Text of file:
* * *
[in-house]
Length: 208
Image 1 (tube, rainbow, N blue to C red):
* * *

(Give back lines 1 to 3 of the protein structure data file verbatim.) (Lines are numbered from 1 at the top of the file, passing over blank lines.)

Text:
[in-house]
Length: 208
Image 1 (tube, rainbow, N blue to C red):